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Economists Probe into Food Price Increases

China's top economic planning agency said Thursday it has ordered local pricing authorities to launch investigations into prices of major food products.

The probe came after recent price increases at some fast food restaurants and of instant noodles triggered consumers' complaints.

The investigations will mainly cover grain, edible vegetable oil, pork, beef, mutton, and poultry, the National Development and Reform Commission (NDRC) said in a circular.

The price hikes in grain, edible vegetable oil and pork in China, boosted by global grain price rises since the fourth quarter of last year, have aroused wide concerns, according to the circular.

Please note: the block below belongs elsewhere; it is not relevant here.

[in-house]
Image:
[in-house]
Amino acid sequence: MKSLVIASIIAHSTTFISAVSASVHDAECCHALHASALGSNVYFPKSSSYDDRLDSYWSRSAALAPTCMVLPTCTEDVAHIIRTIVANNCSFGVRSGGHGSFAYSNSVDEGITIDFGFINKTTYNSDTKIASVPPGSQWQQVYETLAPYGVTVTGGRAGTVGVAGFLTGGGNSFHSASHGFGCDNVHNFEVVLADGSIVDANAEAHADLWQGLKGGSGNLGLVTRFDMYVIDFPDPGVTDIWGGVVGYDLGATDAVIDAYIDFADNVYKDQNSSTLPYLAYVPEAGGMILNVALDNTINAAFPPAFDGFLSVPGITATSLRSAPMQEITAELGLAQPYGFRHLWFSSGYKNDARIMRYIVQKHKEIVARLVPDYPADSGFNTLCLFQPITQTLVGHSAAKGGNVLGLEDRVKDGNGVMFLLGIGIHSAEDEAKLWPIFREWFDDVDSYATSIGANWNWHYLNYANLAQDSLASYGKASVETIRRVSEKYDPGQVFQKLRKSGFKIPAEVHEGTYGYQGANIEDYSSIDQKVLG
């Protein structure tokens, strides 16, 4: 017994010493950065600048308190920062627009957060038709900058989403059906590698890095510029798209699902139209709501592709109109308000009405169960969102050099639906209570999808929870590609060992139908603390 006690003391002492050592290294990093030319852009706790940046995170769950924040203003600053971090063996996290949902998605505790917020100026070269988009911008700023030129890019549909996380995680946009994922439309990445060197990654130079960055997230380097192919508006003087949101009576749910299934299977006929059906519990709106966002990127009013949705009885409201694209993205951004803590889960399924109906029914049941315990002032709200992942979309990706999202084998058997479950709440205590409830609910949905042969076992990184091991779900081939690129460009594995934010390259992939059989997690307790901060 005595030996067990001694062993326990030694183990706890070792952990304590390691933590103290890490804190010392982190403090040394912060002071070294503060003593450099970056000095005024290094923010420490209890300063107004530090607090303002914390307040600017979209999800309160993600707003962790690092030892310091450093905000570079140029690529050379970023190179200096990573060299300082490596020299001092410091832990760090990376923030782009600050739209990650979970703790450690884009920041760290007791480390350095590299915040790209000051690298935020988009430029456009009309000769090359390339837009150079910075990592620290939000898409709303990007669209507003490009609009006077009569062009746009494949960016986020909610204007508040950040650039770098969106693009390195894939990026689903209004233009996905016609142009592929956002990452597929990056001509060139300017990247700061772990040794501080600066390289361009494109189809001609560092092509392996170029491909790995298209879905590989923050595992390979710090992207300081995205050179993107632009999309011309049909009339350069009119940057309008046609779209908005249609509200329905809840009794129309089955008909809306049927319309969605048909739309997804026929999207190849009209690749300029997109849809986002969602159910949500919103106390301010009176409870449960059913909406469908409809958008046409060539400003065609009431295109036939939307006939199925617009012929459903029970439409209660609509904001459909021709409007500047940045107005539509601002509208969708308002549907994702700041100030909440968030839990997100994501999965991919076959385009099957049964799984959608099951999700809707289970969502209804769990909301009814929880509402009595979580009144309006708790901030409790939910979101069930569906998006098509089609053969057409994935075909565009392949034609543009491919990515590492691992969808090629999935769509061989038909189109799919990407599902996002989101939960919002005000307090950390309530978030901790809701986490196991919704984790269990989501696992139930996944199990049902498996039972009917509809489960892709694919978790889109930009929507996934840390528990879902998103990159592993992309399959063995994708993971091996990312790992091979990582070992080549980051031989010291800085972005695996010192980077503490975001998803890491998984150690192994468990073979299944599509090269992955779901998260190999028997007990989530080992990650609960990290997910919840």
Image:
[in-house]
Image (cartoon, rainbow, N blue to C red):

The NDRC said that some industry associations have initiated united pricing hikes among its member companies, while some firms raised prices by hoarding or fabricating rumors, severely upsetting the market and threatening social stability, the circular said.

The planning agency also ordered local pricing authorities to scrap or slash illegal and high administrative levies on food producers, transporters and sellers.

Analysts said the probe indicated the government's intention to maintain price stability.

China's consumer price index, the main gauge of inflation, hit the 33-month-high of 4.4 percent in June, mainly driven by food price rises.

(Xinhua News Agency August 3, 2007) 

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